Keen to keep close tabs on your competition and stay ahead of the curve? Our ultimate guide to online competitor research and analysis will help you go undercover to discover who’s doing what and how you can better them. Just don’t expect any mirrored shades or eyeholes in newspapers…
You’re doing great, why do you need to compare yourself to others? It’s a good question. Individuality and following your own nose is well-worn route to success in a crowded, homogenous industry, but knowing what you’re up against is essential. After all, knowledge is power.
The benefits of competitor research really depend on your approach to it. If you go into this task looking to give yourself a big pat on the back, chances are you’ll not squeeze much value from the process. Equally, if you start researching your competitors in order to play copycat, you probably won’t learn much either.
Instead, approach this process with an open mind and an analytical spirit. You’re here to learn, not judge or poach. Remember this and your competitor research could generate new ideas, new directions and confirmation of some of your tactics. Above all, it should function as a source of inspiration, uncovering areas for improvement you might not have thought of and encouraging you to capitalize on your strengths.
Open up your toolbox
Now you’ve been briefed on your mission, it’s time to open up your analytical toolkit. There are all sorts of tools available for the competition analyst – some free, some paid for. This list isn’t exhaustive and won’t be perfect for every online business, but does include a few very handy bits of kit…
Take a look at Positionly for a better idea of where your competitors are ranking – and for what! Primary keywords may be more-or-less dead thanks to conversational search and (not provided) – (it’s much tougher to track them, and really, no one keyword should be doing all of your business), but discovering where your competitors show up on SERPs (Search Engine Results Pages) can help you uncover new areas to target and areas you’re getting left behind.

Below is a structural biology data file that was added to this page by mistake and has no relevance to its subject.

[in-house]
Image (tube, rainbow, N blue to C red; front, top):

Top Tip: We know we told you not to use competitor research to poach, but there are some helpful bits and pieces you can pick up to make use of along the way. Fire up Positionly, enter a few key competitors, and you can generate collate reports that track your rankings adjacent to those you’re going head to head with across the phrases you mutually target.
You can even see, at a glance, how your average positioning stacks up:
And for ongoing analysis, quickly adjust the date range of the data you’ve collected to see not only position, but movements, phrases that are new to the top 10 and phrases that have fallen out for both you and your competitors.
This can reveal new areas of focus, changes in competitor strategy – or even show you how your adjustments on your side are panning out relative to the competition.
Tackling SEO on a pure “links and rankings” basis may be over, but page rank is still a helpful indicator of the reach of a competitor site. A high page rank usually means a better ranking website overall. Pulling this number is easy, and can be a helpful “finger in the air” for how you stack up.
Dodgy backlinks are very bad news these days, but high quality links cultivated in a natural authority-building way are great for SEO. Seeing where your competitors have been building relationships and showing off their stuff is very handy inside information indeed.
Majestic can also reveal trending over time with their “Backlinks History” feature. Watch for trends: Are the competitions’ link numbers tapering off, or growing? If you see sudden spikes in links, are those successful resources – or not-so-successful spam tactics? Have they ramped up their link building efforts as of late? Should you do the same?
Top Tip: If you’re looking for authority-building opportunities and online PR prospects, take a closer look at the authoritative links pointing to your direct competitors’ sites.
For those who prefer to get a lot of data in just one place, Positionly also pulls in backlinks over time:
To really get into the data and make it work for you, export it as an excel spreadsheet and splice it up to your heart’s content.
Remember, anything your competitors do, you can do better. Compile a list of the best sites pointing to your competitors and record the type of content that contains the link. Whether they appear as part of a blogger outreach programme, a picked up press release or a timely guest blog, use this intelligence to win links of your own and assess your own online PR tactics. Should you be setting your sights higher, for instance? Should you be chasing more ambitious links?